Monday, 26 January 2015

1968 Radio Times article


Recently for sale on ebay, here is the text of a 1968 Radio Times article by Brian Finch publicising Freddie's radio series The Golden Parrot Club. Click on above image to enlarge or read the full text below:


With a bowler hat, saucer eyes, and a lisp -

Parrotface Freddie


Introducing another lively edition of The Golden Parrot Club on Saturday night is Freddie Davies. Here, Brian Finch talks to the young man who is rapidly emerging as one of our brightest comics


The TROUBLE with comedians is, of course, that they almost always disappoint you when you meet them - through no fault of their own.
 

I mean, you don't really want to meet the real Frankie Howerd, do you? You want to be buttonholed by that rubber-faced goon who has just had the place in an uproar with his hilarious remarks about 'Thing.'

You don't really want to talk to a sane Tommy Cooper. You simply want him to do the maniacal laugh for you, and then go into another of those egg-tricks that you just know is going to go wrong.

And Freddie (Mr. Parrotface) Davies is no exception. 'There was this parrot you sold me that had no legs,' you want him to say, pulling an oversized bowler over his ears. 'You said it had been defeated in a fight ...'

But it simply never works out that way. For Samuel Tweet, with his duff budgies and explosive lisp, and the real-life Freddie Davies are worlds apart.

Freddie Davies is a small, quiet, business-like young man who talks about the jokes that are rapidly making him famous like a joiner discussing a new plane.

'I know the strength of every joke in the act,' he says dispassionately. ' That isn't to say that I can predict the way it is going to go over. You can never do that. But I do know how strong it is. And I use a joke as long as it is getting laughs. When the laughs stop coming, I know that I've got all the mileage out of it I can, and I drop it.

'There's always a great temptation to stick to the same old gags, but doing that is death in this profession. You have to introduce new material. That's the worst moment in a comedian's life - introducing a new gag into the act that you haven't tried before.'

The bird jokes — which started, according to Freddie Davies, when a woman in a certain Northern Club challenged him to tell one about a budgie, and when he did the audience howled — get the same merciless scrutiny as the rest of his material. They remain something of a mystery, even to Freddie.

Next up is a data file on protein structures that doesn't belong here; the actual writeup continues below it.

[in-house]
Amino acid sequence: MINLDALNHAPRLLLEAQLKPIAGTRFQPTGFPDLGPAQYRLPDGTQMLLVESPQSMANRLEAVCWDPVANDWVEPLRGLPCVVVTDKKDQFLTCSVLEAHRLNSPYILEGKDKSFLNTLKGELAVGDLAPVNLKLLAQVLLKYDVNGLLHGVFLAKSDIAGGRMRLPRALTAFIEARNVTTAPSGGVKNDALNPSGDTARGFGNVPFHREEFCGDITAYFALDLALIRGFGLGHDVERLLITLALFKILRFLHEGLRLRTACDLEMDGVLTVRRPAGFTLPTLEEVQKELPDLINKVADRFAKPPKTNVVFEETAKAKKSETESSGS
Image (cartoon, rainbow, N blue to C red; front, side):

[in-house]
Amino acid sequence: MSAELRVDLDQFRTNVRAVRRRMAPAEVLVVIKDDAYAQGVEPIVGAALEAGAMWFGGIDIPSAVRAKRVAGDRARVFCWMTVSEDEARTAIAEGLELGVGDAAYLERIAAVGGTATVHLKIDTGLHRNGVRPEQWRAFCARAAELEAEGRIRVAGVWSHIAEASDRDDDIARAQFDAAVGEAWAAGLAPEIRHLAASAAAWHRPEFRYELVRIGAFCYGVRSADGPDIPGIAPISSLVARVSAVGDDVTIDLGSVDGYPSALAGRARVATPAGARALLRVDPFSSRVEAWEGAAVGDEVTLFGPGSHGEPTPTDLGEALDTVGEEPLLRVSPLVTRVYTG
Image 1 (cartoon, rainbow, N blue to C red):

'I don't know why they go over so well. Maybe it's not because they're budgie jokes as such. Maybe it's because people like the character of Samuel Tweet who tells them. I mean, as Samuel Tweet I tell lots of gags about things other than budgies that work very well.'

Freddie and his family have one budgie at home — 'Its name is Cheeky, and it is, of course, very, very duff.'

Comedians run in Freddie Davies's family. His grandfather, Jack Herbert, was a music-hall comedian of some ability.

Freddie himself made his stage debut in a Pendleton pantomime as a gnome at the age of seven and never really wanted to be anything else in life but a comic.

After doing National Service with the Royal Army Pay Corps, he worked with the Co-op for a while, but his heart wasn't in it.

'The trouble was getting started, says Freddie. 'After all, nowadays, there aren't really many music-halls left where a comedian can serve his apprenticeship.'

Des O'Connor solved that problem for him. He was appearing in a show at the Empire Theatre, Newcastle, and Freddie went backstage to ask his advice about becoming a comedian. O'Connor advised him to do what he did — work at Butlins as a Redcoat.

'It was about the best move I ever made. I did Just about everything at that camp — from tombola to clowning. But more than anything else I learned the business.

'After all if it rained one of my jobs was to make people laugh. And if you can make a bunch of wet campers laugh at ten o'clock in the morning you're already halfway to becoming a comedian.'
 



Find out more in Freddie Davies's autobiography Funny Bones, available from amazon (paperback) or direct from Scratching Shed Publishing (paperback or limited edition hardback); read an extract here.



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